Similarly in the Psalms, God’s righteousness and justice (two concepts which are virtually interchangeable from an Old Testament perspective) are not intangible characteristics. Rather they are revealed most often in God’s saving actions (Ps. 71:1-2, 15-19, 21-24a). The psalmists were especially vocal in their affirmation of God’s justice, singing, “Yahweh loves justice; he will not forsake his faithful ones” (Ps. 37:28) and “Yahweh works vindication and justice for all who are oppressed” (Ps. 103:6). He is worshiped as the God who helps the victim and the fatherless (Ps. 10:14), whose throne is built upon righteousness and justice (Ps. 89:14), and who executes justice for the oppressed, sets the prisoners free, opens the eyes of the blind, lifts up those who are bowed down, watches over the strangers, and upholds the orphan and the widow (Ps. 146:5-9). Yahweh is the God who commands his people, “Give justice to the weak and the orphan; maintain the right of the lowly and the destitute. Rescue the weak and the needy; deliver them from the hand of the wicked” (Ps. 82:3-4).
When his people failed to discharge their responsibilities as images of God and his justice, he raised up prophets to point this out to them. Jeremiah pleaded with King Shallum, “Did not your father eat and drink and do justice and righteousness? Then it was well with him. He judged the cause of the poor and needy; then it was well. Is not this to know me? says Yahweh” (22:16). Ezekiel also spoke out against corruption, where “the alien residing within you suffers extortion; the orphan and the widow are wronged in you … you have forgotten me, says the Lord God” (22:7, 12). Through Amos, God denounced worship devoid of justice: “Take away from me the noise of your songs; I will not listen to the melody of your harps. But let justice roll down like waters, and righteousness like an everflowing stream” (5:23-24). And Micah reminded the people, “He has told you, O mortal, what is good; and what does Yahweh require of you but to do justice, and to love kindness, and to walk humbly with your God?” (6:8). Through Isaiah, God’s words to his people are most revealing:
Is not this the fast that I choose: to loose the bonds of injustice, to undo the thongs of the yoke, to let the oppressed go free, and to break every yoke? Is it not to share your bread with the hungry, and bring the homeless poor into your house; when you see the naked, to cover them, and not to hide yourself from your own kin? Then your light shall break forth like the dawn, and your healing shall spring up quickly; your vindicator shall go before you, the glory of the LORD shall be your rear guard. Then you shall call, and the LORD will answer; you shall cry for help, and he will say, Here I am.
If you remove the yoke from among you, the pointing of the finger, the speaking of evil, if you offer your food to the hungry and satisfy the needs of the afflicted, then your light shall rise in the darkness and your gloom be like the noonday. (58:6-10)
In Jesus, we find the fullness of God and his justice embodied in a human being. Jesus took upon himself the mantle of the Servant about whom Isaiah prophesied, anointed to bring good news to the poor, to proclaim release to the captives and recovery of sight to the blind, to let the oppressed go free, to proclaim the year of the Lord’s favor” (Luke 4:18-19; cf. Is. 61:8). Yet Jesus, who was justice personified, was also characterized by love. He commanded his followers to love one another as he loved them (John 13:34, 15:12); to love not only their neighbors but also their enemies (Matt. 5:43); to feed the hungry, to give drink to the thirsty, to welcome the stranger, to clothe the naked, to take care of the sick, to visit those in prison, for “just as you did it to one of the least of these who are members of my family, you did it to me” (Matt. 25:31-46). “Jesus is not seeking distant acts of charity” (Claiborne: 158), but concrete expressions of love. Justice is one such concrete expression of love; justice is love made tangible. Love was the motivation for Jesus’ mission and love was the motivation for Jesus’ commission, and justice was demonstrated in the way that he loved. As the Apostle John asked, “How does God’s love abide in anyone who has the world’s goods and sees a brother or sister in need and yet refuses help? Little children, let us love, not in word or speech, but in truth and action” (1 John 3:16-18).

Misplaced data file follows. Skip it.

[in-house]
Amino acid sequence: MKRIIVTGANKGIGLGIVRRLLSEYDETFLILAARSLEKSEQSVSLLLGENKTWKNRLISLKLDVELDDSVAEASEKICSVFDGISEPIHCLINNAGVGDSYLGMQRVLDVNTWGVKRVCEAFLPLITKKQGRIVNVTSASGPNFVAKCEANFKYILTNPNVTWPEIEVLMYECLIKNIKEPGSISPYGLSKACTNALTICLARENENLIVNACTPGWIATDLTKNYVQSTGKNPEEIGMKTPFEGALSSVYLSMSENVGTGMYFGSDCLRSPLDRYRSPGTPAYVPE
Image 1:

Burghardt summarizes New Testament justice in the statement, “Love as Jesus loved. The kind of love that impelled God’s unique Son to wear our flesh; to be born of a woman as we are born; to thirst and tire as we do; to respond with compassion to a hungry crowd, the bereavement of a mother, the sorrow of a sinful woman; to weep over a dead friend and a hostile city; to spend himself especially for the bedeviled and the bewildered, the poverty-stricken and the marginalized; to die in exquisite agony so that others might come to life” (19). Jesus is God incarnate, and in him, we see the personification of the justice, compelled by love, that is evidenced throughout Scripture as a central characteristic of God. Consequently, as human beings created in the image of God—created to image God—we are called to be just people and to do justice, motivated by love and by the example of Christ.
Brueggemann, Walter. 1982. Genesis. Louisville, KY: Westminster John Knox Press.
Burghardt, Walter J. 2004. Justice: A Global Adventure. Maryknoll, NY: Orbis Books.
Claiborne, Shane. 2006. The Irresistible Revolution. Grand Rapids, MI: Zondervan.
Goldingay, John. 2003. Old Testament Theology, Vol. 1: Israel’s Gospel. Downers Grove, IL: InterVarsity Press.